Polish president delays appointing new government | Poland

Poland’s president will not convene a new parliament until nearly a month after a three-way opposition alliance won an overall majority, which could delay the installation of a new government until well into December.

Andrzej Duda, who is allied to the ruling nationalist Law and Justice (PiS) party, said he would call the first sitting of the new parliament for 13 November and would announce his nomination of a candidate for prime minister later.

PiS finished first in the 15 October ballot but has no viable path to government, while the opposition coalition, led by Donald Tusk, a former prime minister and European Council president, this week confirmed its majority and said it was ready to take power.

Speaking in Brussels on Thursday, Tusk said it would be better not to drag out the process of appointing a new government as Poland needed to act quickly to ensure it got EU funds, which have been frozen owing to rule-of-law concerns.

“If the president quickly acknowledges the reality that there is a majority in parliament and allows it to create a government, I guarantee that it will mean a quick payment of funds to Poland,” Tusk said.

Under Poland’s constitution, the president has 30 days from election day to convene the new parliament and another 14 to nominate a candidate for prime minister, who must form a cabinet that is put to a confidence vote in parliament.

Duda said on Thursday: “I can say that the preliminary date of the first session of the lower house of parliament will be Monday 13 November, which is the fastest possible date taking into account constitutional norms.”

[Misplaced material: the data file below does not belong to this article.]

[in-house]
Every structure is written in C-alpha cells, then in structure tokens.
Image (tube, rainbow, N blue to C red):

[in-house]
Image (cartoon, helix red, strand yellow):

He said there were two “serious candidates” for the post of prime minister, the incumbent, Mateusz Morawiecki, and Tusk, adding that Poland faced a “new situation” that required further reflection.

President Andrzej Duda said he would call the first sitting of the new parliament for 13 November and would announce his nomination for a candidate PM later. Photograph: Paweł Supernak/EPA

Duda has previously said he intended to follow tradition by nominating the candidate of the party that won most votes. PiS won with 36% of the vote but the opposition alliance has a clear majority of 248 seats in the 460-seat parliament.

Since PiS appears to have no path to a majority, it is expected to lose a confidence vote, at which point MPs would be free to nominate their own candidate for PM – but the delay could mean a new government is not in place until well into December.

The president met the leaders of the five parties in the new parliament on Tuesday and Wednesday and made it plain he would not be rushed, said Szymon Hołownia, of the Third Way, part of the opposition coalition with Tusk’s Civic Coalition and the Left.

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“The president made it clear that he will convene the first session probably at the last moment; he used the phrase that he did not want to shorten the term of this parliament,” Hołownia said after talks with the president.

PiS critics have suggested Duda may be deliberately delaying the process. Some suggest PiS may be trying to persuade individual opposition MPs to support it, although it seems unlikely to be able to win over the 37 MPs it would need. Others have argued that PiS may simply be trying to make life as difficult as possible for the new government, or could be buying time to get rid of potentially incriminating evidence of alleged illegal behaviour in office.

Various opposition leaders have previously suggested that several senior PiS figures, including Duda, Morawiecki and the former prime minister Beata Szydło, could find themselves before a state tribunal once a new government is in place.

During its years in power, PiS has eroded the rule of law in Poland, rolled back abortion rights and targeted minorities with hateful propaganda, prompting a feud with the EU over issues ranging from judicial independence to LGBTQ+ rights.

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